Search museums


Search collections


"In painting, staffage (French pronunciation: ​[stafaʒ]) are the human and animal figures depicted in a scene, especially a landscape, that are not the primary subject matter of the work. Typically they are small, and there to add an indication of scale and add interest.

Before the adoption of the word into the visual arts in the late eighteenth and early nineteenth centuries, Staffage in German could mean "accessories" or "decoration". The word can be used in two senses: as a general term for any figures in a work, even when they are, at least ostensibly, the main subject, and as a descriptive term for figures to whom no specific identity or story is attached, included merely for compositional or decorative reasons. In the latter sense, staffage are accessories to the scene, yet add life to the work; they provide depth to the painting and reinforce the main subject, as well as giving a clear scale to the rest of the composition." - ( 03.11.2019)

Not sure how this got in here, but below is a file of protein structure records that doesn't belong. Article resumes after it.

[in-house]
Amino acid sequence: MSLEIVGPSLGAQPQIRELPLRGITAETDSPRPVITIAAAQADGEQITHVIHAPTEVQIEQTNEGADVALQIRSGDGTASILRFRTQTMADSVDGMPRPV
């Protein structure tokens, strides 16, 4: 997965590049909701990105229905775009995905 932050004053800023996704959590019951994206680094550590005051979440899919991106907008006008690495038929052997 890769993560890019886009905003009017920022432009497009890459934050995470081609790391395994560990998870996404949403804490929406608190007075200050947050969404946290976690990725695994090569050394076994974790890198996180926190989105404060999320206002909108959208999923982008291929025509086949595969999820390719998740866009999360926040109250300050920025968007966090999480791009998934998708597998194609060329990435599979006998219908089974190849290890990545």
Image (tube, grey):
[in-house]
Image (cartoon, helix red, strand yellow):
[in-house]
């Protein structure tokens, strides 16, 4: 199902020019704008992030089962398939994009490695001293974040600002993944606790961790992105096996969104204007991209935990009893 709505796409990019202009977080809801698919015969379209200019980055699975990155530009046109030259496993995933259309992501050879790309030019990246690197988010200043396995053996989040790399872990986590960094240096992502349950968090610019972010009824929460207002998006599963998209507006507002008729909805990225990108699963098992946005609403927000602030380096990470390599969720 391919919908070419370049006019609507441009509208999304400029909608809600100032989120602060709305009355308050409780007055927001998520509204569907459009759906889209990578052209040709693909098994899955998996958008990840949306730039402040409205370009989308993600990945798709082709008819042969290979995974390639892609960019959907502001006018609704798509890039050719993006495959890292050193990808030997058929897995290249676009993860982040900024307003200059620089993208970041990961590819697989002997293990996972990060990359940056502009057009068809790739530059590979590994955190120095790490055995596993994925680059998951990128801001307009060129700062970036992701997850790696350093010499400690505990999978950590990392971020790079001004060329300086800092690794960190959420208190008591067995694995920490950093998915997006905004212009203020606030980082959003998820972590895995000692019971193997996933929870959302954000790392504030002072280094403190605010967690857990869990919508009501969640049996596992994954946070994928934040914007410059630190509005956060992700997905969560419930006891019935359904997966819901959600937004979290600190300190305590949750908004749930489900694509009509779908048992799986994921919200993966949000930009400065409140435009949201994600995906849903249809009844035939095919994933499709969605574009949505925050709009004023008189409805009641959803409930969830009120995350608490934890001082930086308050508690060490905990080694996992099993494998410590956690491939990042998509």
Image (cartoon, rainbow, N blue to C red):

Objects and visualizations

Relations to objects

Show objects